So, while it pains us to report on this issue, out of respect to the journalistic standards which EvilChili holds itself to “(if you were sober when you wrote this, it’s fit to print”), we must share with our readers a startling revelation that has been made known to us by an informant familiar with these events: it appears as though The Little Engine That Could was, in fact, using steroids when he pulled that train over the mountain.
This information comes to us from a broken-down boxcar who admits that during the glory days of the railroad, plenty of engines out there were consuming illegal fuels in order to enhance their performance. While icons such as The Little Engine That Could have historically insisted that they never ran on anything except pure West Virginia coal along with a hefty dose of good old fashioned American hard-work, this boxcar, who prefers to remain unnamed, tells a startlingly different story.
“Listen,” he tells us, downing a handful of antidepressants and chasing them with a shot of bourbon, “it was just accepted in the industry at that time, and the higher-ups made it abundantly clear to us that anyone who opened their mouth up about the issue was liable to ‘accidentally’ derail in a ‘tragic accident.’ We were asked to carry some heavy loads back in those days, before these damn airplanes came along and took all the action, and sometimes it was damn near impossible to get from point A to point B on time without a little something extra to keep you going.”
This guy knows what you're talking about.
When asked why he was sharing this information now, the boxcar had the following to say: “Man, I’ve been out of work for nearly a decade now. I’m just a hunk of rust out here in the junk yard. Squatters won’t even live in me. They use me as their bathroom. And I got too many bad memories. Some of those engines were honest guys, hard-workers who simply didn’t know any better, but The Little Engine That Could was just a selfish blue bastard who was in it for the fame. He never really believed in this business, he just wanted to make a quick buck and impress some women while he was at it.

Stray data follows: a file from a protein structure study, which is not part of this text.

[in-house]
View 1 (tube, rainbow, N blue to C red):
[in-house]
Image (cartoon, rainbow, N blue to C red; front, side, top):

“Sure, nowadays, we like to remember him as this humble young newbie who proved that where there’s a will, there’s a way, but do you know why you never heard about what happened to him after he pulled that train over the mountain? Because he damn well didn’t do shit after that. He retired, lived off that one success, and while the rest of us were hauling ass all over the country, he was bragging to anyone and everyone that he was the The Little Engine That Could.”
Dude even got his own movie.
The Little Engine That Could, who is currently enjoying his retirement in Miami, could not be reached directly for comment, although his publicist did release the following statement: “I think I can, I think I can, I think I can.”
The significance of this response, especially in regards to our query (“Have you ever taken steroids?”) is, at this point, unclear.
As for the boxcar, he sticks to his story.
“Listen man, I got no reason to lie to you. Hell, if I was in it for the attention, you know I’d release my name. I’m telling you this because, whether we like it or not, the days of the American railroad are over, and it’s high time we admitted to some of our mistakes. The Little Engine That Could was no more than a drug-addled sex junkie who pulled one impressive stunt and then had the balls to become some sort of national symbol of determination and willpower. Give me a break.”
Shocking news, and yet another reason to lose a little of the faith we once had in our national heroes.